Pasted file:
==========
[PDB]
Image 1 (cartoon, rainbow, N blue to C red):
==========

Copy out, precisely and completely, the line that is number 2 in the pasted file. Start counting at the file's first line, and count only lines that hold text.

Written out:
Image 1 (cartoon, rainbow, N blue to C red):